After several months of research into ALL abroad organizations, FSD stood out as best bang for my buck, and I loved the mission of long-term sustainability. I interned with FSD in Kenya in 2007 for many reasons, but mainly to move my career into a different direction, toward my passion for giving back to others in the world after being stuck in a dead-end job after I graduated college. The experience is very challenging (mostly on a personal level) and requires initiative, self-reflection, and flexibility. It is set up to provide both independence/freedom with what you get out of it and contribute, while always having a strong support network (and educational trainings) through the staff, host-organization, and family- as well as other interns. I was there during political unrest and ended up being evacuated early. Little did I know at the time how much FSD impacted me. As I left Kenya I realized that it was so life-changing that I needed to return, and it had to be with FSD. I returned as a field coordinator with FSD and now I work in headquarters. Yes, I am a staff now, but I want you to know my story and why I have stayed with FSD. My internship in Kenya required me to take initiative and learn about what sustainability REALLY looks like in the field, and completely shifted my idealistic views of international community-based development work. My biggest take away from my internship- development is not about helping others and giving them solutions, it is about collaboration, relationship-building and appreciating different perspectives.

Also- I LOVED my host-family and am still in touch!

What would you improve about this program?
I would like the program length to be longer.
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Yes, I recommend this program

Experience of a Lifetime

My internship through FSD at the end of 2007 was incredible, a truly foundational experience for me that changed how I see the world and the role I want to play in it. I learned about other cultures and world views, about self dependence and international travel, what it is really like to be a foreigner, and about the complex challenges facing sustainable development. Kenya was a wonderful place to be and learn, and the support and logistics provided by FSD were outstanding. I would do it again in a heart beat!

What would you improve about this program?
I only wish I could have stayed longer!
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Yes, I recommend this program

DIY Development Internship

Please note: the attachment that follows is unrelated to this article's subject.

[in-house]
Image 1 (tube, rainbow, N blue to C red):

I had a wonderful experience interning in Kenya. One thing to know is that there isn't much guidance. Like the headline states, it's a very do-it-yourself kind of program. While you receive some guidance from the program staff, they're not with you everyday in your field placement. I'm not sure how it was for everybody, but based on my experience and the other interns in my group, our host organizations didn't provide much guidance either. They were eager to help and extremely excited to have interns, but expected you to be an expert on everything. Coming straight out of undergrad, I, unfortunately, was not. However, what better way to learn and gain experience than to be thrown right in and expected to find a problem and solve it on your own.

It's was an incredible experience. Not just because of the internship, but living in a developing country with the locals. My host family and neighbors constantly reminded me how excited they were to have someone from the US in their village who was there to get to know them as people and to help them. Apparently, most people from the US and Europe that go to Kenya are only there for the animals and the landscape. So while the internship was intended for work experience and to help the people in the community, it was way more than that. Not to be too cliche, but it was a life changing experience and I feel like the community members and my host family helped me way more than I helped them.

I won't sit here and lie, saying that it was a piece of cake. There were lots of tough things to deal with such as the language barrier, many shocking/uncomfortable cultural practices, lack of time management and structure in working conditions, the food, and the living conditions in general. There were also the obvious "issues", if you will, of being the only white person in a village and being fairly isolated, but again, I wouldn't trade the experience for the world. All the absurdities, all the awkwardness, all the frustrations, all the loneliness, all the hardships were completely worth it and resulted in an amazing growth experience, both personally and intellectually.

I would highly recommend this program to anyone who has an interest in development work but doesn't have much or any experience living abroad, isn't sure they want to devote 2 years to the Peace Corps, or just wants a new life experience.

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Yes, I recommend this program

Once in a Lifetime Experience

I chose FSD's Kakamega program because I knew it would get me out of my comfort zone. There are very few Americans there so it was like being in a fish bowl (something everyone should experience at some point in their life).

I lived with a great family, I enjoyed the organization I interned with. I don't know if I made a huge difference but that is expected when you are only some place for a short period of time. I was definitely impacted though. I really appreciated my relationship with the other interns and two of the staff members (they are no longer there though). The onsight FSD director was pretty much non-existent my entire time there. We also went on a couple really great trips which made it easier to explore the area.

I'm happy I had this experience in my life.